Business continuity plans good idea for business owners
May 23, 2012 at 12:23 a.m.
This hurricane season business owners are urged to have a plan in place to not only resume business operations quickly after a disruptive event, but to also keep making money.
A business continuity plan, BCP, as it is called in business circles, is a comprehensive approach business owners can take to ensure their business can survive a natural calamity.
"We all pay insurance every month and hope we don't have to use it," said Kacey Lindemann, senior business advisor for the University of Houston-Victoria Small Business Development Center. "It's the same thing with a business continuity plan. You plan and hope you don't have to use it."
Although a BCP is like insurance, it does not replace it, Lindemann warned.
While the details can vary greatly depending on the size and type of business, all continuity plans should encompass details on how employees will communicate, where they will go and how they will keep doing their jobs, according to the International Data Group's website.
"For some businesses, issues such as supply chain logistics are most crucial and are the focus on the plan," according to the data group's website. "For others, information technology may play a more pivotal role, and the Business Continuity and Disaster Recovery Plan may have more of a focus on systems recovery."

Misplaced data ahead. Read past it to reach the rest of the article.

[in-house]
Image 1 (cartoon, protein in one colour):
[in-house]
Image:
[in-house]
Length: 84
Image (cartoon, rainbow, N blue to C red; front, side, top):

Texas business owners should be particularly serious about creating a BCP, as Texas has more natural disasters than any other U.S. state, said Lindemann.
Eighty percent of businesses may never reopen if they do not resume operations within the first month after a major disaster occurs, Lindemann said.
The following steps are usually taken to create an effective BCP: Do a business impact analysis, identify preventative controls, develop recovery strategies, test the BCP and maintain the plan.
Other steps can include creating a plan to partner with compatible businesses, cross-training employees and keeping important financial documents somewhere other than at the place of business.
Three years of recent tax returns and balance sheets are just some of the requirements business owners need if they hope to apply for assistance from FEMA in the aftermath of a disaster, Lindemann said. He suggests owners copy these forms on a USB drive or set up an account with other businesses that specialize in backing up data.
"A good plan today is better than a perfect plan tomorrow," said Lindemann.